مادران لاتین درباره شیوه های فرزندپروری مبتنی بر شواهد چگونه فکر می کنند: یک مطالعه کیفی از مقبولیت درمان
|کد مقاله||سال انتشار||مقاله انگلیسی||ترجمه فارسی||تعداد کلمات|
|76617||2013||13 صفحه PDF||سفارش دهید||محاسبه نشده|
Publisher : Elsevier - Science Direct (الزویر - ساینس دایرکت)
Journal : Cognitive and Behavioral Practice, Volume 20, Issue 3, August 2013, Pages 362–374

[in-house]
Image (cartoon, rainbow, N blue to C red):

Parent training has great potential to alter the developmental trajectories of young Latino children with or at risk for behavior problems. However, traditional parent training programs may seem culturally irrelevant or inappropriate to Latino parents as they promote practices that are based on white, middle class standards. The current study of treatment acceptability used focus group and key informant interviewing methodology to investigate Latina mothers’ views on the causes of young children's misbehavior and the acceptability of evidence-based parenting strategies. The sample consisted of Spanish- and English-speaking Latina mothers of 3- to 6-year-olds recruited from day-care centers and preschools in New York City. Focus groups were conducted with 34 mothers, and key informant interviews with 5 mothers whose children had behavior problems. Results showed that the most commonly viewed causes of child misbehavior were child temperament, fighting in the home, and negative peer influence. Mothers found some evidence-based parenting strategies acceptable (e.g., the use of praise, social rewards) and others objectionable (e.g., selective ignoring in pubic situations, the elimination of spanking). For some strategies, there was little consensus on its acceptability (e.g., time-out). Taken together, results highlight the critical need for aligning parent and clinician goals at the outset of treatment, and of including a strong psychoeducational component in parent training programs because not all of its components are consistent with Latino cultural norms and beliefs.